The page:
As Manning does this, his pass protection begins to fail and he is forced to move off his spot before finding his checkdown underneath.
If you are forced to play the ball in front of NFL defenses today, you won't run an effective offense. However, if you're also so blunt in how you try to get in behind the defense, you become destined to fail because it's easier for the defense to tighten throwing windows and stay assignment-sound. Because the Giants didn't have a dominant defense in 2013, Manning also couldn't afford to check down very often because he was under pressure to prolong drives and score points.
Manning consistently made very impressive throws into tight coverage down the field in 2013. These throws weren't highlighted as positives very often because he also ultimately had turnovers as he attacked very tight throwing windows while throwing under pressure. It simply isn't sustainable for your offense to work or for your quarterback to be efficient when he is being asked to attempt these kinds of throws on a regular basis.
Take these two plays for example. The degree of difficulty of these plays for the quarterbacks is relatively simple. Both of these teams focus on creating easy offense, and they do this by alleviating the pressure on their pocket passer. The Giants attempted to achieve the same success, but by doing it the hard way. Nothing was easy for Manning. In fact, there were times when it seemed impossible for him to be successful in that scheme, with that talent.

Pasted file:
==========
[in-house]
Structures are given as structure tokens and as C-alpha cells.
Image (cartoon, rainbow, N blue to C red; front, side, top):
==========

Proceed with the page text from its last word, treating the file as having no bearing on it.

It's important to note that Manning was never benched. The Giants' coaching staff recognized that he wasn't the problem during the year, then the front office backed that up by replacing Gilbride with Ben McAdoo after the season.
McAdoo was the quarterbacks coach of the Green Bay Packers last year. It's not a coincidence that he is coming from an offense that works under a dramatically different philosophy than what Gilbride installed in New York. Mike McCarthy and Aaron Rodgers have always excelled at taking the underneath yards against defenses to draw them forward, before taking shots down the field with their talented quarterback.
By picking and choosing when to attack the secondary deep, the offense remained efficient and the quality of their deep throws was much greater.
When you align Manning's pass chart for the first half of last season against Rodgers', you can clearly see where each offense concentrated the bulk of their attempts.
An important thing to note is that many of Manning's throws that went less than five yards were similar to the one that was previously detailed in this article: throws that saw Manning check the ball down as a last resort when he couldn't find receivers down the field. On the other hand, most of Rodgers' underneath throws were designed screens, quick throws to uncovered receivers in the flat, and well-designed route combinations that quickly set receivers free within five yards of the line of scrimmage.
By hiring McAdoo, the Giants set about installing an offense with more West Coast principles. If the quality of the supporting cast is there, this should take a huge amount of pressure off of the quarterback position.
The quarterback is the only player on the field who is directly connected to every single one of his teammates. Because of that, the supporting cast for a quarterback has a greater bearing on his production than it does on any other player.
In 2013, Manning's supporting cast was very poor.
A key player in that offense was wide receiver Hakeem Nicks. Nicks is a proven talent who had an established relationship with Manning, but he struggled to perform in 2013. Injuries and effort were a question mark, while he definitely dropped too many passes. Nicks left in free agency to join the Indianapolis Colts, and how the Giants replaced him highlighted the altered philosophy on the offensive side of the ball.
The Giants didn't just select Odell Beckham, Jr., in the first round of the NFL draft, they picked him with the 12th overall pick.